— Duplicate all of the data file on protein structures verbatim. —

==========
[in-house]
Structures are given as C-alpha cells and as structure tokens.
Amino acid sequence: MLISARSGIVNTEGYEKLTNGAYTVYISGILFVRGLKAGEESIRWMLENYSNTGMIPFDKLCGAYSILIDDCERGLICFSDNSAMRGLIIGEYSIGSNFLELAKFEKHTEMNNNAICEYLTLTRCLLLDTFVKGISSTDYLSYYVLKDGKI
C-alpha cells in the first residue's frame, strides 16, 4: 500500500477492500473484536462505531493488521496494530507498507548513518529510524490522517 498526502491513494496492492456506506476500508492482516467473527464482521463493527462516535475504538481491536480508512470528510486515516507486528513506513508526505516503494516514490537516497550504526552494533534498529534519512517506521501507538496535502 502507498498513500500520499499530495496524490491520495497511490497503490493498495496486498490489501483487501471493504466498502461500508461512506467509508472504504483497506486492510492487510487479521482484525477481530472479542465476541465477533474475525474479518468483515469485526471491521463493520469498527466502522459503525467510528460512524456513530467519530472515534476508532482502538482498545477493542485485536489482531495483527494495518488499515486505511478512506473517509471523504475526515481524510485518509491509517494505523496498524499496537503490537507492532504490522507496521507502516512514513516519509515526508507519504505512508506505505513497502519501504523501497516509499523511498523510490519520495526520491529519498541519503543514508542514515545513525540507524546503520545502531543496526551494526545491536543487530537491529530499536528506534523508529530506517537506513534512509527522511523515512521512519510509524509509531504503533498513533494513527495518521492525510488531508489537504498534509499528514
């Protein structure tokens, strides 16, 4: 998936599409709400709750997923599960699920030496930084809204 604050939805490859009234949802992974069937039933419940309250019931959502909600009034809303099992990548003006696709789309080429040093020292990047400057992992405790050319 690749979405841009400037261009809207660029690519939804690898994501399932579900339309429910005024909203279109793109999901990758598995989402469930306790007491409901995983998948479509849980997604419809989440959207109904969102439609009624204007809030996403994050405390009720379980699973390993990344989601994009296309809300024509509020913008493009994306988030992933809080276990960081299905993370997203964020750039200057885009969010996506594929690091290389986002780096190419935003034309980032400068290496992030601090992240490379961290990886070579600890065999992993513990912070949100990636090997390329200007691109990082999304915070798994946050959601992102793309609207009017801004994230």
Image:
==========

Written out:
[in-house]
Structures are given as C-alpha cells and as structure tokens.
Amino acid sequence: MLISARSGIVNTEGYEKLTNGAYTVYISGILFVRGLKAGEESIRWMLENYSNTGMIPFDKLCGAYSILIDDCERGLICFSDNSAMRGLIIGEYSIGSNFLELAKFEKHTEMNNNAICEYLTLTRCLLLDTFVKGISSTDYLSYYVLKDGKI
C-alpha cells in the first residue's frame, strides 16, 4: 500500500477492500473484536462505531493488521496494530507498507548513518529510524490522517 498526502491513494496492492456506506476500508492482516467473527464482521463493527462516535475504538481491536480508512470528510486515516507486528513506513508526505516503494516514490537516497550504526552494533534498529534519512517506521501507538496535502 502507498498513500500520499499530495496524490491520495497511490497503490493498495496486498490489501483487501471493504466498502461500508461512506467509508472504504483497506486492510492487510487479521482484525477481530472479542465476541465477533474475525474479518468483515469485526471491521463493520469498527466502522459503525467510528460512524456513530467519530472515534476508532482502538482498545477493542485485536489482531495483527494495518488499515486505511478512506473517509471523504475526515481524510485518509491509517494505523496498524499496537503490537507492532504490522507496521507502516512514513516519509515526508507519504505512508506505505513497502519501504523501497516509499523511498523510490519520495526520491529519498541519503543514508542514515545513525540507524546503520545502531543496526551494526545491536543487530537491529530499536528506534523508529530506517537506513534512509527522511523515512521512519510509524509509531504503533498513533494513527495518521492525510488531508489537504498534509499528514
């Protein structure tokens, strides 16, 4: 998936599409709400709750997923599960699920030496930084809204 604050939805490859009234949802992974069937039933419940309250019931959502909600009034809303099992990548003006696709789309080429040093020292990047400057992992405790050319 690749979405841009400037261009809207660029690519939804690898994501399932579900339309429910005024909203279109793109999901990758598995989402469930306790007491409901995983998948479509849980997604419809989440959207109904969102439609009624204007809030996403994050405390009720379980699973390993990344989601994009296309809300024509509020913008493009994306988030992933809080276990960081299905993370997203964020750039200057885009969010996506594929690091290389986002780096190419935003034309980032400068290496992030601090992240490379961290990886070579600890065999992993513990912070949100990636090997390329200007691109990082999304915070798994946050959601992102793309609207009017801004994230």
Image: